With tubes there is always some noise, although it can be "inaudible", noise and tubes go together, even when the noise is so low that you can't hear it; consequently, Raul is saying always use SS without saying it.
Check out 2L for great sounding digital

i do have maybe 10 2L high rez files on my server. they do sound very good.

have not acquired any in a while. i'm streaming new music mostly, or acquiring vinyl. not much actual digital media ownership pondering.
Mike - both Tidal and Qobuzz have 2L content :-) O Death is a reference for me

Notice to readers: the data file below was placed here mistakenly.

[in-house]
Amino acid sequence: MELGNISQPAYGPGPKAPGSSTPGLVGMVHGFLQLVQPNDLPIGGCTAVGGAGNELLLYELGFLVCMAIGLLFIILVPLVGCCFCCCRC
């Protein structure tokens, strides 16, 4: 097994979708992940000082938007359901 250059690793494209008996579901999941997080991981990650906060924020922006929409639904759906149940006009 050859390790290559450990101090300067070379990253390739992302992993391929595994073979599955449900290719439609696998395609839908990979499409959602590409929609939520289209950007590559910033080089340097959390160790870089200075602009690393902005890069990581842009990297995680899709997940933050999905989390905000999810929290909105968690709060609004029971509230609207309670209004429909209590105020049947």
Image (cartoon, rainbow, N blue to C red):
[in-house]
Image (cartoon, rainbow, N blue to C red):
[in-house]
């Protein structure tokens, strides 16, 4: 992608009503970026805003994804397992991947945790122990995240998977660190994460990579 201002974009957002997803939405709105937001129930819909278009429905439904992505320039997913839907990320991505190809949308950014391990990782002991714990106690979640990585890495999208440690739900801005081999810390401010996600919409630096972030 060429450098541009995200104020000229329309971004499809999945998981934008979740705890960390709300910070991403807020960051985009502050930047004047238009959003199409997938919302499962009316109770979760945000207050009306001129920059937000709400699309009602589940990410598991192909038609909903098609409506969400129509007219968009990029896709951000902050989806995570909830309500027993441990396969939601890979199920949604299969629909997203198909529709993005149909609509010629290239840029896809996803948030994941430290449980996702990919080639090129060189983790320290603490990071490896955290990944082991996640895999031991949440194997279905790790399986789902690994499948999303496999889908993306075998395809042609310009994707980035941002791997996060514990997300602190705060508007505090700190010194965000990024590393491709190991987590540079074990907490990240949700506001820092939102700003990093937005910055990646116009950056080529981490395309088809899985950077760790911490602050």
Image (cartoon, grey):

I have most (but not all) of the Sheffield D2D albums.  I bought them as they were released, back in the mid 1970s and early 1980s.  A couple that haven't been mentioned here, but are exceptional both musically and in the recording, are Dave Grusin, 'Discovered Again' and the James Newton Howard Quintet which featured David Paich, Steve Porcaro, Jeff Porcaro, and Joe Porcaro.  Those guys were mostly from the group Toto and James Newton Howard went on to be quite the Hollywood musical score master.  Here's an interesting story.  Back in my early days of working in the CE industry (which I worked for 40 years and have now recently retired) I had a nice acquaintance with Andrew Teton, the General Manager & Sales Director for Sheffield Labs.  At CES, back in 1983, he was kind enough to get me the Special CES Preview Edition of the James Newton Howard forthcoming D2D release.  This was produced and engineered by Bill Schnee, who did a marvelous job with it and other D2D recordings.  Andrew gave it to me as a gift.  How kind of him.  To this day it is probably my number one, best SQ album in my collection.  Very, very musical with bass that is as real as it gets and the kick drum will hit your chest with authority.  Its absolutely phenomenal!  The music is progressive jazz/fusion and is very appealing to most anyone. Every time I make a change to my system, even just a new "tweak" item, I use this LP to test out any perceptible change to the SQ.  If you can find a clean copy I highly recommend it.  It's a real "WOW" event for your listening experience and pleasure.